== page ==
Artificial Intelligence is probably holding the key to the problems that could not be addressed earlier in a better way. According to a recent study published in Nature, Google has unveiled yet another path-breaking solution to detect breast carcinoma in patients with Google’s AI program. This evaluative study conducted by Google Health has shown the potential for further research to find practical applications.
Google’s AI was able to examine multiple mammogram images to spot cancerous tissue effectively compared to experienced radiologists who even had access to the patient history along with their practical expertise in the field. Nearly 55,000 people in the U.K. are diagnosed with breast carcinoma every year, and 1 out of 8 women in the U.S. run the risk of developing the disease during their lifetime.
Details About the Study Conducted with Google’s AI
A collaborative study was conducted with researchers from Google Health, Cancer Research UK Imperial Centre, DeepMind, Northwestern University, and Royal Surrey County Hospital.
The mammograms of nearly 25,000 women in the U.K. and 3,000 women in the U.S. were evaluated. The mammograms of females in the U.K. were obtained from the Jarvis Breast Centre, Guildford, St. George’s Hospital, London, and Addenbrooke’s Hospital, Cambridge.
A mammogram scan is the most viable noninvasive screening test in breast cancer diagnosis to date. Thus, it is very crucial that a mammogram is observed correctly and deciphered for early detection and treatment. A computer model designed explicitly with Google’s AI program and pre-trained to analyze the mammogram images was used in the research.
The Google AI model was first trained to read de-identified mammogram scans of almost 76,000 women in the U.K. and 15,000 women in the U.S. According to the American Cancer Society, one in five breast cancer cases go undetected in the mammogram report. Inaccurate results can be misleading as false negatives will put the patient’s life at risk, and false-positive would lead to unwanted panic among patients.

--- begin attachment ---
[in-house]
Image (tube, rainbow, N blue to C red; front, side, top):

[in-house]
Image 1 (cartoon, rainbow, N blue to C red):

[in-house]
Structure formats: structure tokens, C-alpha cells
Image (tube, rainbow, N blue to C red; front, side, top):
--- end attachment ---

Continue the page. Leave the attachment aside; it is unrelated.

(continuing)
Thus, Google’s algorithm detected the presence of breast cancer tissue in the tested patients, which outsmarted the diagnostic inferences made by six radiologists. The six expert radiologists reviewed 500 random cases during the study, which was also funded by Google.
On the other hand, the AI-based model proved to be more efficient as it was able to reduce false positives by 5.7% in the U.S. and 1.2% in the U.K. It also reduced the false negatives in the U.S. by 9.4% and 2.7% in the U.K.
The model enabled with Google’s artificial intelligence was also tested for generalization in separate research, and there too, it did not fail as it was still able to reduce false positive by 3.5% and false-negative by 8.1%. The model was selectively trained on the data received from women in the U.K. but then used to identify scans of women from the U.S.
Thus, it was established through these studies that the model empowered by Google’s AI program has acquired the competency of human physician-level expertise to be considered reliable enough to assist radiologists during breast cancer screenings.
According to Dominic King of Google Health, “Our team is proud of the findings from this research, which indicate that we are on our path to develop a tool that can support radiologists to detect breast cancer with higher accuracy and precision.”
Thus, the tech giant is all set to beat breast cancer by detecting the occurrence at the earliest stage. As per Google Health, they have also developed a deep learning algorithm to help physicians more accurately. The AI model is also capable of detecting metastatic breast cancer from lymph node specimens as per research performed in 2017.
However, the implementation of Google’s model at every radiologist’s side could take some time due to privacy concerns raised over the matter of Google’s involvement. This is due to the ongoing Federal “Project Nightingale” investigation in which 50 million individual’s patient record was collected in an unauthorized manner. Project Nightingale is a collaborative project between Google Cloud and Ascension health system.
Snigdha is a technical content writer with expertise in the field of science & technology. Though she has a very diverse academic and professional profile yet she finds writing to be a creative form that she was unable to explore so far. When not writing, she can be found indulging in other forms of creativity like painting or travelling.
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